The Theatre of Bad Dreams

The town is weirdly quiet, and most of the people I saw were either thuggish kids, crackheads, or Eastern European peasants. I looked around to find some food, but nowhere was open, and I ended up buying some weird imitation Twisties from a Polish shop. They reluctantly served me and I swaggered back to the train station never to step foot in Huddersfield again.

I bet they have to bolt the windows shut to stop people from jumping

If given the option to either spend time in Huddersfield, or have a gold ball roughly inserted into your wee-hold by a man dressed as a penguin, go for option B. It’s an ugly, boring, dreary town with a shit footy team and ugly residents, where dreams go to die and the sun comes as regularly as a pensioner who had his imitation Viagra tablets confiscated by customs after his trip to Thailand.

The famous ‘uddersfield circular metal thing


Beijing to Guilin in 27-and-a-half hours

Oh, bloody hell, I’m pretty sure a homeless Chinaman snuck into my room while I was asleep and shat in my mouth. I woke up shortly after passing out, feeling rubbish and needing to quickly pack my stuff and get out of there. My train was at 3:44pm and I wanted to check out the Beijing National Stadium first, hangover or no hangover.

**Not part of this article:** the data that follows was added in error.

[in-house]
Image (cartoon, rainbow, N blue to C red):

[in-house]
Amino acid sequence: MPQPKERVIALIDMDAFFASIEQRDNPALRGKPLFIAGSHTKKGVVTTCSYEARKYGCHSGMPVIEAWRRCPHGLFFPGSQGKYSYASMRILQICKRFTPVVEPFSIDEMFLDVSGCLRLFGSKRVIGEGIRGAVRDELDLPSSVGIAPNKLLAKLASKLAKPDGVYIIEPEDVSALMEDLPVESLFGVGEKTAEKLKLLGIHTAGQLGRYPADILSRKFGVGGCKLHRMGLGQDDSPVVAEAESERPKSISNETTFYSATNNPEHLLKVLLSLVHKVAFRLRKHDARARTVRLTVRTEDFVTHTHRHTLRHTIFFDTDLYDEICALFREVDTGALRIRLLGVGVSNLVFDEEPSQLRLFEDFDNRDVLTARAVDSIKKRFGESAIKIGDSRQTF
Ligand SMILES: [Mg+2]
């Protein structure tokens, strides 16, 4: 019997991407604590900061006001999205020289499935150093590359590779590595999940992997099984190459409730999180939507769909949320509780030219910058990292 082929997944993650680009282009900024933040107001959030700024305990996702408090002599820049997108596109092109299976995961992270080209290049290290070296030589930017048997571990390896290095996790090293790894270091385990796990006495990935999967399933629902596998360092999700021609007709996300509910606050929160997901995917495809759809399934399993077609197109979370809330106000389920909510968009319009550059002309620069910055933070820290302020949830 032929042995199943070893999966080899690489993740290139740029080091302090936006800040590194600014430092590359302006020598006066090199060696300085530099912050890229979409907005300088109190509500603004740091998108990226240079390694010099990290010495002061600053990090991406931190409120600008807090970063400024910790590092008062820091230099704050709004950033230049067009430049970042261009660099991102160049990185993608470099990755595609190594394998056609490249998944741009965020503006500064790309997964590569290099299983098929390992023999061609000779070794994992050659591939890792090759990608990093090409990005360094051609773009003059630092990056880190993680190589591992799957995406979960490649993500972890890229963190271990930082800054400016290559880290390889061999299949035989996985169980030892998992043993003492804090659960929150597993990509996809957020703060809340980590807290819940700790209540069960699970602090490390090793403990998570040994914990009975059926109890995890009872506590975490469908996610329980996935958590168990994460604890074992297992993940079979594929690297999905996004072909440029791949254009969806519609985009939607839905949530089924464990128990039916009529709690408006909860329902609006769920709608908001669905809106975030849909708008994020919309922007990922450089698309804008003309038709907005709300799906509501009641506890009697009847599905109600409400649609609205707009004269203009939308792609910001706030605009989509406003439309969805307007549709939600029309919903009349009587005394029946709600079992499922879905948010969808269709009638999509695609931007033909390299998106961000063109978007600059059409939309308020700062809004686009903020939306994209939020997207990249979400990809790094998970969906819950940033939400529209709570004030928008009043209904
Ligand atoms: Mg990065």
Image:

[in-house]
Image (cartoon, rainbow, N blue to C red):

Give me the gold medal for sexiness!
Give me the gold medal for sexiness!

I made it out there without much trouble and, while the stadium was fantastic, it was also kind of like a mausoleum. Since the Olympics it’s only held a handful of events, and these days the whole precinct is blasted with sound effects to make it appear the Games are still on. It’s truly weird. Homebush Stadium might be rubbish, but at least they’ve moved on and use it for other events – this place is like a grave.

I got out of there and along to Beijing West Railway Station, the biggest in Asia with up to 400,000 people going through it a day. Having not eaten a proper meal in a day, I grabbed whatever they had there – McDonald’s. Shit, I’m keeping those pricks in business. After eating my burgers I rolled onto the train with visions of a 22-hour booze-fuelled party with a bunch of slutty European backpackers. What I got instead was a cramped, dirty crypt to sleep in and three elderly Chinese peasants for roommates. They hated me and I soon learnt to hate them, because they sat around eating seeds from a huge bag and yelling at me. It was like sharing a room with a bunch of mean-spirited parrots.